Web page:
Proton pump inhibitors (PPIs) are used as prophylaxis, guarding against anastomotic stricture (AS) in the aftermath of reconstructed esophageal atresia (EA). The incidence of stricture formation was studied in this setting, comparing outcomes of 3- and 12-month PPI prophylactic regimens.Patients and Methods
Patient characteristics (gestational age, birth weight, prevalence of chromosomal aberrations, and other malformations), as well as rates of survival, AS formation, and required balloon dilation, were recorded in the following therapeutic subsets: (1) all infants undergoing primary surgical anastomosis for EA in years 2010–2014 and given postoperative PPI prophylaxis for 12 months and (2) all infants similarly treated for EA in years 2001–2009 but given postoperative PPI prophylaxis for 3 months only. Duration of follow-up was 1 year in each group.Results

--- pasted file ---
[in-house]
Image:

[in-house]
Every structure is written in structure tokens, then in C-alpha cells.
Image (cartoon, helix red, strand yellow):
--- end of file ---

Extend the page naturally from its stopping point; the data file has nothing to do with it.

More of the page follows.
Patient characteristics and survival rates in 12-month (n = 33) and in 3-month (n = 30) treatment groups did not differ significantly. The prevalence of AS was 42%/43% in each group (12 months, 14/33; 3 months, 13/30; p = 1). Median number of dilations required was 3 (range, 1–9) per patient in each group (p = 0.69). Median age at initial dilation was 163 days and 63 days in 12- and 3-month groups, respectively (p = 0.04).Conclusion
Development of AS in the first year after reconstruction of EA was not reduced by prolonged PPI prophylaxis (12 vs. 3 months), but initial balloon dilation procedures were performed later in infants who were treated longer.